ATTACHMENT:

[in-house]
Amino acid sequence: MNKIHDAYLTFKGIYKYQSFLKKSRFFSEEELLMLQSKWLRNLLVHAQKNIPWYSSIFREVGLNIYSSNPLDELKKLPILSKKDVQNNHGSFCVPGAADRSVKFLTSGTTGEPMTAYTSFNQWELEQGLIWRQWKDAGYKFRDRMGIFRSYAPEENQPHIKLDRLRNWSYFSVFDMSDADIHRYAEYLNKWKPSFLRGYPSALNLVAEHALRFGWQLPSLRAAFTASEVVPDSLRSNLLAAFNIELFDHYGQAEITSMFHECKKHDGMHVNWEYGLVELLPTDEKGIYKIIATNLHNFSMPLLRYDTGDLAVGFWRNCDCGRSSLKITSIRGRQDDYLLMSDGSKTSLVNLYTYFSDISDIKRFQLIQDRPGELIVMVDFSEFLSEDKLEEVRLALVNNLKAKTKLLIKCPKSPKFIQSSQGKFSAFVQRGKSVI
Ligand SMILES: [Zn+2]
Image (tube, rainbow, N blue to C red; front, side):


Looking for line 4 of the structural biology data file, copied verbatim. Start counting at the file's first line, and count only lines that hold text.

Image (tube, rainbow, N blue to C red; front, side):